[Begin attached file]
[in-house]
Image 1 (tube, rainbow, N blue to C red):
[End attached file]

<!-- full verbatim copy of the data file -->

[in-house]
Image 1 (tube, rainbow, N blue to C red):